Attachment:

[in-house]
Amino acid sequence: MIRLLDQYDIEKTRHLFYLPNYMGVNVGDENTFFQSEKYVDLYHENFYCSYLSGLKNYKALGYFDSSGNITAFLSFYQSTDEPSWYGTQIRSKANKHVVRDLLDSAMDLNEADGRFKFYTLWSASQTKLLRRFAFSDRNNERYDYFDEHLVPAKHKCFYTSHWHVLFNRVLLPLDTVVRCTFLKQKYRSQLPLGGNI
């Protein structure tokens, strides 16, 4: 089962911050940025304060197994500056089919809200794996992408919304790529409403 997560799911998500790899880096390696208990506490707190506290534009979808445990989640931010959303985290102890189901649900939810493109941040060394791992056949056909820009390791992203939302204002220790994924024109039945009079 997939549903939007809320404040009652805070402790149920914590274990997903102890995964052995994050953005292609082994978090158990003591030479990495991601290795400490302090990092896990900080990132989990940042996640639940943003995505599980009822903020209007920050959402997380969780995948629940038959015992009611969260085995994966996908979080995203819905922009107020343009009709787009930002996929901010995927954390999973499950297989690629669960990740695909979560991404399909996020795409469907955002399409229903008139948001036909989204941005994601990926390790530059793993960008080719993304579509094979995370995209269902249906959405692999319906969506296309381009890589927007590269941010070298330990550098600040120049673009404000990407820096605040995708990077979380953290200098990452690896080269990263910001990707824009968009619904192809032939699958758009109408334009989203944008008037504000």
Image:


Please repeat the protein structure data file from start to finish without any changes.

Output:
[in-house]
Amino acid sequence: MIRLLDQYDIEKTRHLFYLPNYMGVNVGDENTFFQSEKYVDLYHENFYCSYLSGLKNYKALGYFDSSGNITAFLSFYQSTDEPSWYGTQIRSKANKHVVRDLLDSAMDLNEADGRFKFYTLWSASQTKLLRRFAFSDRNNERYDYFDEHLVPAKHKCFYTSHWHVLFNRVLLPLDTVVRCTFLKQKYRSQLPLGGNI
């Protein structure tokens, strides 16, 4: 089962911050940025304060197994500056089919809200794996992408919304790529409403 997560799911998500790899880096390696208990506490707190506290534009979808445990989640931010959303985290102890189901649900939810493109941040060394791992056949056909820009390791992203939302204002220790994924024109039945009079 997939549903939007809320404040009652805070402790149920914590274990997903102890995964052995994050953005292609082994978090158990003591030479990495991601290795400490302090990092896990900080990132989990940042996640639940943003995505599980009822903020209007920050959402997380969780995948629940038959015992009611969260085995994966996908979080995203819905922009107020343009009709787009930002996929901010995927954390999973499950297989690629669960990740695909979560991404399909996020795409469907955002399409229903008139948001036909989204941005994601990926390790530059793993960008080719993304579509094979995370995209269902249906959405692999319906969506296309381009890589927007590269941010070298330990550098600040120049673009404000990407820096605040995708990077979380953290200098990452690896080269990263910001990707824009968009619904192809032939699958758009109408334009989203944008008037504000």
Image: